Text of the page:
University of Wisconsin sophomore Kim Plude is reading “Death of a Salesman.” She is watching Shakespeare’s “The Tempest” for her theater class. But there is a life-sized poster of Justin Timberlake hanging next to her desk. She is a self-proclaimed pop-culture junkie.
This classification is problematic.
College life is spattered with both high culture and pop culture. What seems like a bold line between Plato’s Republic and Cosmopolitan Magazine is blurred, crossed or even eliminated by university-level thinking, which sometimes strays into analyzing meta-pop culture or morphs high culture into everyday contexts.
UW offers global religious studies classes that may lecture about Buddhism or the Dalai Lama, for example. But when The Pipefitter on State Street sells novelty books of quotations from the Tibetan leader, high culture has become pop culture.
Similarly, Robert Pirsig wrote a best-selling book called “Zen and the Art of Motorcycle Maintenance.” “The Simpsons” makes references to Shakespearian drama and biblical verses. And where does the analytic text of “Do Androids Dream of Electric Sheep” go when it is turned into the hit movie “Bladerunner?” Does it change classification?
Or should one even bother to classify culture?
Plude says pop culture simply permeates her life.
“I use pop culture, more than anything, as a background to everything I do,” she said. “While I’m doing my homework, for example, I’ll always have the TV on or be listening to Z104.”
Although Andy Warhol said, “Everything is beautiful. Pop is everything,” most experts disagree. Pop isn’t an all-encompassing classification.
Culture can be divided into two groups. Popular culture is consumed in mass at any given time, particularly by youth.
High culture, as a term, has been defined as any cultural phenomenon that crosses generations and endures the test of time. So, although the Chicago Art Institute might see more patrons in a season than Soldier and Wrigley fields combined, French Impressionism is high art.
OK. What about modern art museums? Will a brand-new exhibit endure the test of time?
In Shakespeare’s day, Shakespeare was pop culture. Now, that it has moved into university study, it has moved into high culture.
“There’s the distinction that if you are studying it at the university level, it’s high culture,” UW English professor Michael Hinden said. “If you’re not, and it’s popular, it’s pop culture.”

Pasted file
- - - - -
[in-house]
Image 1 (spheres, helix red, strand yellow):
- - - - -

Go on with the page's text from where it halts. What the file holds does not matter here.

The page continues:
Chris Golde, senior scholar at the Carnegie Foundation for the Advancement of Teaching, taught a class at UW called Campus Cultures. It examined how UW’s size contributed to a fragmented culture, but also common connection, among students.
She said, similarly, that pop culture becomes a necessity for any U.S. citizen, just as consuming high culture is the goal of studying liberal arts at a university.
“Pop culture is the easy, simple-to-consume packages that end up being a common experience for Americans,” she said. “If you don’t watch ‘Survivor,’ you won’t know what people are talking about when they make references to the pop culture.”
Golde said part of the role of a university community is to foster the transfer of social discussion from pop to intellectual.
“High culture is a way to bond generations,” she said. “I guess that would be great if people made more references to literature than to pop music. Who’s going to remember N’Sync in five years, anyway?”
Because the mass media avidly covers what is classified as pop culture — constant updates on the MTV Video Music Awards and Angelina Jolie’s latest mishap are a few examples — pop culture is almost impossible to avoid.
“It’s too hard to hide from it, so why not just embrace it!” Plude said as she gazed into Timberlake’s glossy eyes staring straight ahead from her wall.
When the news comes on, one is forced to question if the mass media can be classified as part of pop culture, too.
“Mass media is pop culture,” said UW journalism and mass communications professor Robert Hawkins.
Golde said part of university culture is the rift between students’ and professors’ cultural values. When some professors do not own TVs, their ability to keep up on the most recent episode of “Survivor” is directly impeded, as is their bond with students that pop culture provides.
“Am I ‘above’ “Survivor? No. Are some professors? Yes,” Golde said.
At the same time, though, UW’s communication arts department studies popular music, television and movies.
The concept of studying the culture of cultures brings up the academic idea of meta-culture, said Hinden.
“That hard line between the high and the low is not as well-defined as it used to be,” Hinden said.
UW’s recently founded Arts Institute employs professors from not only communications arts, but also English and anthropology. Executive director of the Institute and communication arts professor Agatino Balio said all films, independent and blockbuster alike, are created in the name of pop culture.
“The decision of a film’s content is not made in a vacuum,” Balio said, indicating that current cultural trends drive market forces. “The director might be following a trend or base it on a best-selling novel or use a star with a name with a proven track record.”
UW sophomore Kristi Schneider is particularly smitten with Julia Roberts. She said although students occasionally spend time downloading music when “they should be studying,” keeping up with popular trends “makes students more well-rounded individuals.”
Pop culture manifests itself in low-cut jeans, Kate Spade bags, Jamba Juice … culture is in classrooms and in State Street shops.
Pipefitter manager Gregg Hinkley said the store relies on picking up trends from East and West Coast campuses and profits from the sale of pure trends. At the college level, Hinkley said drinking defies the laws of pop culture crossing generational lines.
“On the UW campus, beer drinking is pop culture,” Hinkley said. “Some pop culture doesn’t die, and this one has really sustained itself.”